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Collaborating . . . Teachers from the Waitaki Ara Kahui Ako meet at the Oamaru Opera House last week for the final time this year. PHOTO: ASHLEY SMYTH

There is a ‘‘great deal of pride’’ within a group of teachers working together to better the learning of Waitaki children.

The Waitaki Ara Kahui Ako community of learning met at the Oamaru Opera House last week for the final time this year.

The group is made up of 10 representatives from Fenwick, Oamaru Intermediate, Te Pakihi o Maru, Waitaki Girls’ and Waitaki Boys’ High Schools, three learning support co-ordinators, cross-school leads Sarah Caldwell and Vic Forrest, and lead principal Margaret Williams.

Early childhood educators were also involved in the Kahui Ako, although they had not taken part in last week’s meeting.

The group met twice a term, under the guidance of CORE Education facilitators Amira Aman and Rebecca Sweeney, from Christchurch.

The focus this year had been on ‘‘inquiry’’, Ms Williams said.

‘‘The growth this year has been that those inquiry groups, as they’ve met, have been more across the sectors. So we have our primary colleagues working with secondary colleagues.’’

Easing the transition between early childhood, primary and secondary sectors was a key focus for the meetings, as well as talking and learning from each other about what was happening in the classrooms and what was good practice.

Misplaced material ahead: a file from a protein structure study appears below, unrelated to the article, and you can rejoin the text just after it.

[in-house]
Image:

‘‘Good practice in a primary classroom is also good practice in a secondary classroom,’’ she said.

‘‘We just had really empowering feedback this morning, that people are learning from each other and there are shifts in our teaching practice.’’

Ms Williams said it was also about teachers using common language and having common expectations — ‘‘and if that is something that we can bring into our community, that is going to enhance the learning that is taking place’’.

Cross-school lead Sarah Caldwell said the meetings were great for building relationships across the schools, having every sector represented, which was of real benefit to the children.

‘‘Whether the learners are 5 years of age or 15 years of age, it’s the shift in practice.’’

There was a great deal of pride in the momentum happening within the group, the hard work of the teachers and the schools, and the strong team they had built, Mrs Caldwell said. Ms Williams said that was the ‘‘key thing’’.

‘‘The Kahui Ako is a community of learning and it has been the growth and development of a leadership team, and a team within the staff as well.

‘‘Like any team, it’s how you support people who have different strengths.’’

Waitaki Ara was one of two Kahui Ako in North Otago.

The second, Whitestone, was made up of schools from Glenavy, Papakaio, St Joseph’s Weston, Totara, Maheno, Five Forks, Hampden, East Otago High School and St Kevin’s College, as well as early childhood educators.

‘‘This meeting is the time of year we’re reporting back and celebrating with the principals, and planning for the future,’’ Mrs Caldwell said.